Petrus Spronk

Words in Winter has survived COVID and is back.

I remember, a long time ago, when David Hall called a few people together, of which I was one, to form a committee to consider an annual winter event, based on the concept of writing, and everything related to it.

It was accepted at once as a wonderful idea and, without wasting any time, ‘Words in Winter’ (WiW) was born. An event, which came from the public, driven by the enthusiasm of David Hall. Enthusiasm which was infectious. WiW soon became a well established event with important guest authors visiting. They came to share and present their books, their thoughts and ideas. This gave the event plenty of gravitas.

The idea developed, and in time there were book launches, as the one this year when we will launch a young student’s book at the radius gallery on Friday the 26th of August at 7.30. There were story telling events, as there will also be this year at ‘Yandoit cultural’ in their old uniting church venue on Saturday 28th of August, 2 – 4.30 pm.

(The same church for which some of the locals created a committee to save it from that familiar fate of being turned it into yet another million dollar b&b. The fate of so many churches in country Victoria.)

But back to WiW, it continued to grow from the inside out, by which I mean that from the initial concept of the book, many excellent ideas developed. Once the idea got into the community, the committee didn’t have to do anything much for the development of the basic idea of the festival, the ideas just came spontaneous from excited people of the Hepburn Shire wanting to share, to contribute. (If only the council could be more trusting in the abilities of the many creative spirits in our town. To solve, for instance the Rex problem. But that is another story)

Then, one year, I thought that it would be important to bring the primary school students into the WiW program. I contacted every primary school in the Shire and I organised an exhibition of books. Here the students made a story book based on the concept of a sculpture functioning as a book. Meaning not necessarily in the book form as we know it, but a carrier of stories nevertheless. For instance, take an old boot and write its story onto it. The students’ creativity took care of the rest. I remember one ‘book’ titled ‘the dunny’, which was made of toilet rolls mounted on the wall. In order to read the story you had to pull the paper down. A very popular book.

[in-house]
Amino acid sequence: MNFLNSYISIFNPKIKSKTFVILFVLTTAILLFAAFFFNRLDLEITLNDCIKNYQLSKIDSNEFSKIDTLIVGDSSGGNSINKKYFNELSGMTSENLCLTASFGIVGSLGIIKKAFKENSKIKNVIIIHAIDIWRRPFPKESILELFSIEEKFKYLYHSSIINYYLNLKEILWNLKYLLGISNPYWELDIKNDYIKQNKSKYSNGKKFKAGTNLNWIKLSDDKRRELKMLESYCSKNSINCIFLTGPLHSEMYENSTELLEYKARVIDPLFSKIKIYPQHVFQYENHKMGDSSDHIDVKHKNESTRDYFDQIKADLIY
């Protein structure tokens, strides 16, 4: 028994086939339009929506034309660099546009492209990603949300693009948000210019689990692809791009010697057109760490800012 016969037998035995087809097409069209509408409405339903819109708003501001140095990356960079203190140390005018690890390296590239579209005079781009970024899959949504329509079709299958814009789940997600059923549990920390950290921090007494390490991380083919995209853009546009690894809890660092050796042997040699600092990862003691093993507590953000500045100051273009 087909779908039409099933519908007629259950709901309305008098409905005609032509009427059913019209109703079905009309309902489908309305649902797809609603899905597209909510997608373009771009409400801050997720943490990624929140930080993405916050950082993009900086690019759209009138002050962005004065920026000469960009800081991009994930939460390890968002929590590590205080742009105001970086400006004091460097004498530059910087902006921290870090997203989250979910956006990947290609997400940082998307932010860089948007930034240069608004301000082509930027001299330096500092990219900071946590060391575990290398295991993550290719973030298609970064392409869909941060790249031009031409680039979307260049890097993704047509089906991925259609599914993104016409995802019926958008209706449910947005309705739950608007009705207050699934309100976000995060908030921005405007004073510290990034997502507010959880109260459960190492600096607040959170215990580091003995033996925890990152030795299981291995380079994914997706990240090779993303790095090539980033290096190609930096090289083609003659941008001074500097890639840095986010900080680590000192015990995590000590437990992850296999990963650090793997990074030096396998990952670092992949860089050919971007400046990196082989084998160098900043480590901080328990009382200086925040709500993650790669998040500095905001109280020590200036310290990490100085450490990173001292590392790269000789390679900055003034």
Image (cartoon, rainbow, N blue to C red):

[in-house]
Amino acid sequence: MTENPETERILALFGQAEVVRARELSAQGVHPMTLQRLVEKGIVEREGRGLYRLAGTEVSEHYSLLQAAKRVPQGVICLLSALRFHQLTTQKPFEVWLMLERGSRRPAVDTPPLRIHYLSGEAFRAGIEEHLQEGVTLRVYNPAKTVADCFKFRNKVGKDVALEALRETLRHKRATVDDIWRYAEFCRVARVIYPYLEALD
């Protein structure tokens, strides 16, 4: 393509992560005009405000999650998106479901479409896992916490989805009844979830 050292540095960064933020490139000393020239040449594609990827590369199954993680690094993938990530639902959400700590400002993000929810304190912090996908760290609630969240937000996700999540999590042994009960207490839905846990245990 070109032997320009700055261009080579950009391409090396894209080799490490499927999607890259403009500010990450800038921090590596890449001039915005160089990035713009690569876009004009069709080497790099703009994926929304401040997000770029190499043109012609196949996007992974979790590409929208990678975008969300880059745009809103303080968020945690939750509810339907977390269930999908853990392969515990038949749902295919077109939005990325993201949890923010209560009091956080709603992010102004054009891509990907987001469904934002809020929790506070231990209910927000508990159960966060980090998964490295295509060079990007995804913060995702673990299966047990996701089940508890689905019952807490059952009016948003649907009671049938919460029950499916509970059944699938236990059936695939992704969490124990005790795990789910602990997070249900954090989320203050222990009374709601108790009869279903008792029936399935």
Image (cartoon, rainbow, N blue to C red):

One school with a veggie garden made a book relating its story. There were five chapters, starting with the story of their veggie garden. The next chapter dealt with the the harvesting of the vegetables followed by the cooking of the dish and finally the meal which resulted from it. The last chapter of the book was a critical essay of the meal. A very inspiring book indeed.

Every primary school in the Shire took part and brought their creative ideas to it. All the book projects together resulted in an inspiring exhibition in the Town Hall that year. As a teacher, all you basically need to do with a creative project is to motivate/excite the students about the project and then Leave Them Alone. Trust. While at the same time in the Convent Gallery I had organised an exhibition for the artists in town to use the book as the starting point and left them alone as well. The result – a wonderful exhibition of creative artworks. Another spin off from David’s initial idea.

In the meantime the WiW grew. There were poetry slams, story telling events, book signings, cross word competitions, a different way of writing a book, where different people got an hour to write a chapter each to create a book in a day. This was followed up with the reading of it. Plus more, so much more…..

Then came the pandemic, which drove everyone inside their houses. A time of isolation, which did not allow the WiW to happen for two years. It didn’t, however, stop people from writing, which is a solitary activity anyway. Some of the results from that period will, I am sure, be revealed this year during the 2022 WiW. With some other good ideas for the weekend of the 26th to the 28th of August. Make sure you are a part of it, either as a presenter or an audience member, without whom there wouldn’t be a festival.


Editorial Note: Please note an error in Petrus Spronk’s most recent article published earlier on August 5th about Words in Winter. Petrus referred to an upcoming story-telling event at Yandoit Cultural- the old uniting church in the bush but the date was incorrect. The correct date and time for this event, entitled Winter Solstice: Musings on a common theme from uncommon places is Sunday August 28th, 2pm -4.30pm, at Yandoit Cultural.

p.s. I am sure I can slip in a little ad here for my event which will be on Friday 26th of August, at the Radius Gallery @ 7.30 pm where I present an event, together with the phenomenal violinist Jeremy Blackman, who has recently arrived in town, which is titled ‘the life of an artist in 8 short stories’ with a short musical interlude between each story. This will be followed by the launch of a book titled ‘Petrus Spronk’ by the photographer Jamin Walsh. Be intrigued.

And an additional thought…
Thinking about the creative way in which WiW developed, I recall the Town Hall meeting when the councillors voted on whether the Rex should or shouldn’t be sold. It soon became obvious that the members of the Council and their entourage weren’t the most creative people of the Shire. Then I wondered what would happen if we designed a workshop with that group of people who made these passionate speeches and see what we would come up with. And going by how the WiW developed from an inspired thought of a single member of the Shire into a multi faceted festival, I am sure they would come up with some worthwhile ideas. Anyway, it wouldn’t do any harm.